Three Lines Diagonal – Jointed Wall

Can you feel the wind off the bluff today? The breeze is what helps make George Rickey’s sculpture, Three Lines Diagonal – Jointed Wall, move!  There are NO motors in this sculpture. Notice how the shadows and light change as the three stainless steel arms swing into different positions.  Each day, this sculpture will make a never-ending arrangement of random movements.

This kinetic sculpture became part of KAC’s collection in 1986. Born in 1907 in South Bend, Indiana, Rickey has become a regional and internationally known artist with artwork in Southwest Michigan, New York, London, Germany and beyond.

Beacon Gold Chandelier

You are standing in the Krasl Art Center “silo,” a uniquely shaped entrance to the museum that was designed for a significant sculpture. In 2000, KAC commissioned Chihuly to create what we now know as Beacon Gold Chandelier. 200 individually blown glass pieces make up this 700-pound sculpture. Each delicate glass piece is secured to a stainless-steel armature.

Chihuly received his Masters of Science in sculpture from the University of Wisconsin in 1967, studying under Harvey Littleton, who is considered to be the father of the American Glass Movement. Chihuly continued his studies at the Rhode Island School of Design (RISD) and received his MFA in 1968. Today, Chihuly operates the “Boathouse” in Seattle, Washington, where he and his team of 100 artisans create dramatic masterpieces in glass.

Slowly Toward the North

This sculpture is currently on loan to Krasl Art Center by great American sculptor, Richard Hunt. Hunt started attending the Junior School of the Art Institute of Chicago in seventh grade and received his BAE from SAIC in 1957.  In 1962, he was the youngest artist to exhibit at Seattle’s World Fair, and he was the first African-American sculptor to have a major solo exhibition at the Museum of Modern Art in New York in 1971.

Native to Chicago, Hunt opened a second artist’s studio in Benton Harbor in 1995. His work can be found throughout the community, including the site-specific, monumental sculpture, Rising Crossing Tides, on Krasl Art Center’s recently updated campus.


“Echoing wind, water and the human form, Bouquet represents the elegant energy of nature in motion” stated Fritz Olsen, sculptor. This sculpture is dedicated to all of the past, present, and future volunteers of the Krasl Art Center.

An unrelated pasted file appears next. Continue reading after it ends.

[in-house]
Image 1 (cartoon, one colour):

Fritz Olsen has been sculpting in stone, bronze, and steel for over 30 years. He lives in Sawyer, Michigan, where he works in a restored 1930s Azalea nursery and exhibits his work in his Gallery and Sculpture Gardens.

Eve and the Serpent

The figure’s head gazes downward with hair rushing backward as if in motion. Harris says that the “movement in my sculpture is influenced by dance and the rhythms of nature. Dance is a pure form of expression.” This sculpture won the KAC 2016 Biennial Sculpture Invitational Purchase Award.


Overseer towers 13 feet above the ground, as tall as the first story of Krasl Art Center. Although the figure standing atop the tree trunk might appear to be sculpted from stone or clay, it is actually cast bronze! Below, pieces of aluminum cast from a real tree trunk were welded together to create the column on which the figure stands. 

Natella was raised and educated in Italy, studying sculpture in the classical tradition at the Academy of Fine Arts in Naples. She moved to the United States to study bronze casting techniques and received her MFA in sculpture from Western Michigan University. Natella currently serves on the faculty at the Ernestine M. Raclin School of the Arts, Indiana University, South Bend

Rising Crossing Tides

Walk under and around this sculpture. Sit down on its base and look up. Richard Hunt designed Rising Crossing Tides as a gateway to Krasl Art Center and the local community. The monumental sculpture that welcomes to you is intended to encourage you to interact with nature and the public art you find here! 

The curvilinear forms of Rising Crossing Tides are an abstraction of the local environment. They might remind you of the wind or the waves of Lake Michigan as they crash against the bluff. Like waves, the shape of the sculpture lifts upward, which is a common theme in Hunt’s work. Hunt considers the way his sculptures take up space similar to the way birds or planes move through the air or fish move through water, often contributing to the wing-like shapes that make up his sculptures.

Richard Hunt started attending the Junior School of the Art Institute of Chicago in seventh grade and received his BAE from SAIC in 1957. In 1967, Hunt completed his first large scale public sculpture commission. This was the beginning of what Hunt calls “his second career,” when he began to work on sculpture that “responded to the specifics of architectural or other designed spaces and the dynamics of diverse communities and interests.”